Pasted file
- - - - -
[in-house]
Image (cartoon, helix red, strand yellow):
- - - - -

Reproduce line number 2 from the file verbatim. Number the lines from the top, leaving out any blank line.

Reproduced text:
Image (cartoon, helix red, strand yellow):